Abuse vs. Healthy BDSM

Knowing the difference…

What is abuse?

Random House Webster's Dictionary defines abuse as "to use wrongly or improperly" and "to treat in a harmful, injurious or offensive way." Domestic violence is abuse between family members or related persons. It also occurs in any relationship between two or more intimates. Non-consensual dominance and control, also known as "domestic violence" may come in many forms: actual physical abuse, threats of physical abuse, emotional abuse, threatening telephone calls, disturbances at a place of employment, and stalking. Domestic violence is distinguished from other kinds of abuse because of the special relationship between the persons.

Domestic violence is further defined as the chronic, physical, sexual and psychological maltreatment of one intimate partner by another, with the intent to control in non-consensual or harmful ways. This misuse of power harms the psychological, social, economic, sexual and physical well-being of the victim.

Abuse is often hard to recognize and many people believe it can only happen to submissives or novices. That is untrue. Abuse can and does happen to anyone.

What is healthy bdsm?

Healthy bdsm is when two or more adults consent to exchange energy, power, sensations or experiences (however extreme) in ways that fuel their mutual happiness and personal interpretation of well-being. It can also be when two or more people agree to forego a "formal" or verbal consenting process (often called consensual non-consent). Only you can know when you agree to something.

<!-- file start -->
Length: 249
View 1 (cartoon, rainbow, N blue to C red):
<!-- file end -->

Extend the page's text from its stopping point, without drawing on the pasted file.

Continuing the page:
Many partners use "safewords" as a way to distinguish their level of agreement but a number of other healthy bdsm practitioners do not. The use of safewords is not the only way to distinguish consent. If you are being fulfilled and have increased self-esteem as a result of your activities and your partner claims the same, then chances are you have a very healthy bdsm relationship. Only you can know. A healthy bdsm relationship is one where both parties are actively invested in the well-being of each other and themselves.

What does abusive bdsm look like?

If you have lingering feelings that "this isn't right" or that "something is wrong with this picture" then there is cause for further consideration. It may not be abuse, but it is important to listen to your internal alarms and explore areas of concern. An unhealthy bdsm relationship will have one (or more) partners acting in ways that create harm to another, be it physical, mental, emotional, spiritual, sexual, social or economic. In an abusive relationship you may notice the following:

If you think you may be in an abusive bdsm relationship:

You may feel that no one will understand what you are going through. You may feel alone. Look up a bdsm sensitive therapist on-line through the KINK-Aware Professionals list (www.bannon.com/~race/kap) and get help. You do not deserve to be abused and you cannot prevent it with more control or better service. Abuse and Domestic Violence can occur even in well-negotiated relationships to bottoms and tops alike and it is not okay. Get help.

Call: 1-800-799-SAFE
1-800-787-3224 TTY

Or email: NLAIDVProject@aol.com

Trust your instincts. Make a plan. Get help so you can get out.

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Dr. Gloria Glickstein Brame
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